This wide range of sensitivity and specificity is supported by data from the Multi-Ethnic Study of Atherosclerosis (MESA) in middle-aged to older males and females [14]. Traditional ECG-LVH criteria were reassessed and showed overall and ethnicity-specific low sensitivity (10 to 26 percent) and high specificity (88 to 99 percent) in diagnosing MRI-defined LVH. The Cornell criteria provided moderate sensitivity (40 percent) while maintaining good specificity (90 percent). The highest accuracy of various criteria was noted in African Americans.

A preliminary study utilizing artificial intelligence (AI) networks suggested that AI methods show promise in identifying LVH from the ECG more accurately than cardiologists using a variety of conventional ECG criteria [15]. The study was based on hospitalized patients, primarily middle aged to older, using transthoracic echocardiogram as the "gold standard." Additional studies are required to determine the optimal approach to utilizing this (or a similar) technology in clinical practice [15,16]. Further analysis may help determine if AI "black-box" methods can be used to identify ECG or demographic features that can enhance the accuracy of conventional interpretative methods.

Imaging findings — Echocardiography is the procedure of choice for identifying LVH, given its widespread availability, ease of use, and lack of associated radiation or nephrotoxic contrast administration (movie 1 and movie 2). Echocardiography can also permit quantitation of LV mass, including the severity of LVH, and give important information about the etiology of LVH (such as aortic or mitral valve disease, or hypertrophic cardiomyopathy). (See 'Definition' above and "Transthoracic echocardiography: Normal cardiac anatomy and tomographic views".)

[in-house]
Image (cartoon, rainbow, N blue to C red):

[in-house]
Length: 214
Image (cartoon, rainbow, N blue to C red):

However, echocardiography may be nondiagnostic in patients with suboptimal acoustic windows. In such instances, cardiac magnetic resonance (CMR) imaging is a reasonable alternative, although CMR is not universally available. (See "Clinical utility of cardiovascular magnetic resonance imaging".)

TREATMENT AND FOLLOW-UP — LVH itself is not a direct target of therapy. Treatment of patients with LVH is directed at the relevant underlying pathology (eg, antihypertensive medications, aortic valve replacement, etc) and is discussed in detail separately in relevant sections. (See "Overview of hypertension in adults" and "Indications for valve replacement for high gradient aortic stenosis in adults".)